NEW YORK—Nasdaq OMX Group Inc. and IntercontinentalExchange Inc. would close at least one U.S. data center if their unsolicited offer for NYSE Euronext is successful, a deal that Nasdaq has promised would create lower costs.
Nasdaq Chief Executive Robert Greifeld said Friday that the exchanges haven't yet decided which data center would be closed if the proposed deal is completed. On Friday, Nasdaq and ICE announced their joint bid for NYSE, valued at around $11.3 billion, topping the value of NYSE Euronext's planned merger with Deutsche Börse AG.
"It would certainly involve closing a data center," Mr. Greifeld said in a call with reporters. But without further research, "it's impossible to know which one would be the right candidate at this point," he said.
Industry experts said a merger of the exchanges would likely choose to keep open NYSE's data center in Mahwah, N.J., that opened last August.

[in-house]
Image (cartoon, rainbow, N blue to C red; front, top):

"That's brand new and a considerable investment by NYSE," said Frank Piasecki, president of Activ Financial Systems, Inc., a market-data and trading-technology provider. "I can't imagine them walking away from that."
NYSE Euronext built the Mahwah facility as part of a $500 million project that also includes a sister facility in Basildon, Essex, in the U.K. Nasdaq operates two data centers: one in Carteret, N.J., and one in Ashburn, Va.
In an email sent to clients Friday morning, Nasdaq said its proposed deal would mean cheaper data and technology costs for its clients. "For existing products, we will both lower the direct and indirect costs of using our content, decreasing your spend on technology, network connectivity and programming," Randall Hopkins, senior vice president of Nasdaq's global data products, wrote in the email.
Having fewer data centers could lower costs for firms that have to invest significant funds in keeping expensive equipment as close as possible to all four stock exchanges and other major trading venues. Traders will still want to connect to exchange operators Direct Edge and BATS Global Markets, which run out of different data centers.
That will ensure that third-party companies that operate independent data centers, like Savvis Inc. and Equinix Inc., still play a role in connecting traders to market data.